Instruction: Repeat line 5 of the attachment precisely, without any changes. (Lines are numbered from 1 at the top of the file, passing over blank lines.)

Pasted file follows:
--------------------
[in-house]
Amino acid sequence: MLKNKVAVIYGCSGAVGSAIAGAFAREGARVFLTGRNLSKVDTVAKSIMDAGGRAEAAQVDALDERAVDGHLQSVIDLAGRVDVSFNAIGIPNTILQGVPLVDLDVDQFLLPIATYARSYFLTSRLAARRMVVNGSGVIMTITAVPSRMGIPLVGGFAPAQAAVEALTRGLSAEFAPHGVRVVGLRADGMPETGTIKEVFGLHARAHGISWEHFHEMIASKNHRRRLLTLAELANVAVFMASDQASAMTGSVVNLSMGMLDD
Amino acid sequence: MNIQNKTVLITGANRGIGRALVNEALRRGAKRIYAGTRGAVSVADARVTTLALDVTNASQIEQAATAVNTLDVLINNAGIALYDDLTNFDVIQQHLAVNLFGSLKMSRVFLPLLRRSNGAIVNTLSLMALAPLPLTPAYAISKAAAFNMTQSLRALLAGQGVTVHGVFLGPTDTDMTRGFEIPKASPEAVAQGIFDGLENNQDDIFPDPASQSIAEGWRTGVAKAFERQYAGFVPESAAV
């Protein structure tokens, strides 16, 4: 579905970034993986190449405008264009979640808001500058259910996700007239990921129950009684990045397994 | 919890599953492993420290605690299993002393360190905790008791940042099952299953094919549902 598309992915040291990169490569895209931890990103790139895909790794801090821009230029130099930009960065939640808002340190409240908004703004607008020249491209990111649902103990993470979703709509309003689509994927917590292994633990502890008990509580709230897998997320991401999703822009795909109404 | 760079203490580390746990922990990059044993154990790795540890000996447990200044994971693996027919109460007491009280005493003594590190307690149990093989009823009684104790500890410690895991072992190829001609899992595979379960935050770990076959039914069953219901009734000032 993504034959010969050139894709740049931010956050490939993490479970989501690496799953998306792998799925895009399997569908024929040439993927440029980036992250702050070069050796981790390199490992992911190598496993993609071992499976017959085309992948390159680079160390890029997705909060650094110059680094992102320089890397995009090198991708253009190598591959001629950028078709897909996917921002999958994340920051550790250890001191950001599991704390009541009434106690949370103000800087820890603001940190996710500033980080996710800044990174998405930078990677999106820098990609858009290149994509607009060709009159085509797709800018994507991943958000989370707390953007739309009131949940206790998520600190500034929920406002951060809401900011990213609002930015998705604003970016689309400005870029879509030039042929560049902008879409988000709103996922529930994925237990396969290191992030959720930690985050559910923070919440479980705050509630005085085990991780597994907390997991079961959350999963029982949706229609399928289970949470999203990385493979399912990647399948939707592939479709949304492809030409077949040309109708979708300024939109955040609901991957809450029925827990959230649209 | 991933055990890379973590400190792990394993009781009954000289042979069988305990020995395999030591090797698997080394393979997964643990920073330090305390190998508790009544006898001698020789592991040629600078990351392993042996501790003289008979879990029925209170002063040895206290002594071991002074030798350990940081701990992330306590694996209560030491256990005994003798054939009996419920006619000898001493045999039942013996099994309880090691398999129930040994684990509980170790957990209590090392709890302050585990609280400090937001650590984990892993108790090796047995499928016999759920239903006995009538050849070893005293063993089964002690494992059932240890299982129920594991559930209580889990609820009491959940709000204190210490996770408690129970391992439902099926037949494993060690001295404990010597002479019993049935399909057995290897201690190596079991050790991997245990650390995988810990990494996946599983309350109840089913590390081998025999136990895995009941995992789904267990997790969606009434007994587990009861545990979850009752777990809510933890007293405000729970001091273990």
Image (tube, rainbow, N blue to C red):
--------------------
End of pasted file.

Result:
Image (tube, rainbow, N blue to C red):